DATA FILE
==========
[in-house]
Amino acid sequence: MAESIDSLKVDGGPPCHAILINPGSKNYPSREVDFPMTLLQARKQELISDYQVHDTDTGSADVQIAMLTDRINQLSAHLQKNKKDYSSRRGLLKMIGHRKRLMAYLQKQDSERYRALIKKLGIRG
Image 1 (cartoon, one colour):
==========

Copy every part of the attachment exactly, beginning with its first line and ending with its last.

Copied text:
[in-house]
Amino acid sequence: MAESIDSLKVDGGPPCHAILINPGSKNYPSREVDFPMTLLQARKQELISDYQVHDTDTGSADVQIAMLTDRINQLSAHLQKNKKDYSSRRGLLKMIGHRKRLMAYLQKQDSERYRALIKKLGIRG
Image 1 (cartoon, one colour):